Closing the gender gap
Following SFC’s first national gender conference, Mike Cantlay looks at progress towards gender equality in further and higher education.
This week I attended my first conference as Chair of the Scottish Funding Council. The conference could have been about any one of the many issues on SFC’s current agenda but, as it happened, it was about gender.
Speaking at the podium felt like a picking up the baton moment. My predecessor, Professor Alice Brown, worked hard to ensure that tackling inequality was a strategic priority for SFC. More importantly, Alice made sure that everyone rolled up their sleeves and actually did something about it. At the conference I undertook to ensure that SFC will continue this commitment through my own term of office and beyond.
So what have we done and what will we be doing over the next few years?
Well, we published our first Gender Action Plan in August last year. Since then we’ve been supporting colleges and universities to develop their own plans. We’re focussing on the twin goals that by 2030 the gap between male and female enrolments at university will be reduced to 5% and that no college or university subject will have a percentage gender imbalance greater than 75/25.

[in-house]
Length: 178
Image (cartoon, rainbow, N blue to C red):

You might ask, why is this necessary? The answer runs much deeper than a public body wanting to do its bit for equality. Earlier this year, you may have watched the BBC programme No more boys and girls. Looking at a group of 7 and 8 year old boys and girls on the Isle of Wight, the programme makers attempted to even out the gaps in their respective achievements across a range of measures. In one memorable scene, a strength test showed the lack of self confidence amongst the girls and the difficulty in expressing emotion for boys. Also striking was the key role school teachers and other adults seemed to play in creating and reinforcing these stereotypes for children.
As the Chair of Scotland’s funding body for further and higher education I believe that colleges and universities have an important role to play alongside schools.
I believe that students need to receive the same, consistent messages throughout their whole education. There is little point in schools tackling gender issues if, at the next stage of education, learners receive a message that puts them off pursuing their subjects of choice. I also believe that, as employers, colleges and universities have a duty to tackle inequality for all protected groups.
On the same day that SFC held its national gender conference we published our first annual Progress Report on the Gender Action Plan. We’re only 15 months into our Gender Action Plan so what the report is really showing is where we’ve started out from. As you would expect, some of the report provides grounds for optimism and some parts point to areas where we need to work harder or revise earlier plans.
As I write this - and after meeting and hearing from so many energetic and determined people at our conference - I am optimistic about the progress that will be made and the positive effect of that progress on society. I urge you to lend your talents, expertise and ideas to the job we have in hand and to help us to reduce gender imbalances in further and higher education.
Mike Cantlay, Chair of the Scottish Funding Council - 6 Dec 2017